Thursday, 10 May 2018

Book Review – Lost Connections: Uncovering the Real Causes of Depression – and the Unexpected Solutions

Book Review – Lost Connections: Uncovering the Real Causes of Depression – and the Unexpected Solutions

Review by Casey Douglass


Lost Connections: Uncovering the Real Causes of Depression – and the Unexpected Solutions


Money muddies many things. When you have desperate people with health issues, it’s amazing how many people will crawl out of the woodwork with expensive “solutions”. The subject of depression is a tough one, and one that our Big Pharma fuelled society continues to grapple with. Johann Hari’s Lost Connections: Uncovering the Real Causes of Depression – and the Unexpected Solutions takes a fascinating look at why things might be this way, and how we are missing the mark when it comes to helping people to recover.
Blurb: What really causes depression and anxiety – and how can we really solve them? Award-winning journalist Johann Hari suffered from depression since he was a child and started taking anti-depressants when he was a teenager. He was told that his problems were caused by a chemical imbalance in his brain. As an adult, trained in the social sciences, he began to investigate whether this was true – and he learned that almost everything we have been told about depression and anxiety is wrong.
Early in the book, Johann hits on something that I came to realise myself during my own battles with depression. Anti-depressants don’t seem to work if other factors in your life don’t change. I tried three or four anti-depressants during college and my early years of chronic illness, and they all failed to do their job. Johann looks at the evidence as to the effects of anti-depressants, along with the old “there’s a chemical imbalance in your brain” spiel, and comes away feeling wary, having been a “true-believer” before hand. If nothing else, the way that the big pharmaceutical companies seem to be allowed to cherry pick which studies they publish is a true scandal, and something I’ve seen come up in other books and articles over the years. In many ways, the side-effects are more real than the benefits, except for a seemingly small number of people.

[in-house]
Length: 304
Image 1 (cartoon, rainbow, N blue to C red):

Johann goes on to look at the Nine Causes of Depression and Anxiety. These include how a lack of meaningful work can bring people down, how our disconnection from the natural world is problematic, and how people lacking a hopeful or secure future will likely find themselves in the trenches of depression. The latter part of the book moves on to ways to reconnect with life, by way of working with other people, finding meaningful work and values to live by, and generally overcoming an “addiction to the self” by way of finding sympathetic joy. (If you have tried loving kindness meditation, you’ll chime with this last one).

Something that I really appreciated in Johann’s book is the way that he visited various people and places to delve more into what was going on. I sometimes find this kind of thing tedious, but Johann did it in a way that beautifully illustrated the topic at hand. The one that stands out the most is his visit to a housing project in Berlin. A disabled woman posted a note in her window that told the world she was being evicted due to lack of money to pay the rent, and that she was going to kill herself. She didn’t want help, only that the reason behind her death be known. She lived in a fractured neighbourhood, one in which people kept to themselves and which had a bad reputation. Her window note became the catalyst for people to begin to talk to each other and ultimately, to challenge the ridiculous renting rules and regulations, and far more besides.

While little I read about depression in Lost Connections was totally new to me, there was plenty of information and background stuff to keep me hooked. It was a pleasure to read someone presenting their own struggle with “how to get better” and the various phases they went through with their relationship to anti-depressants, the self-doubt and grasping of the story they had been telling themselves up to that point. If only one message gets out of this book, I hope it is the one that not only medication should be viewed as an anti-depressant, and until we view this subject with a broader vision, we will continue to chase our tales, and continue to mindlessly fill the coffers of the drug companies.

Author: Johann Hari
Publisher: Bloomsbury
ISBN: 9781408878682


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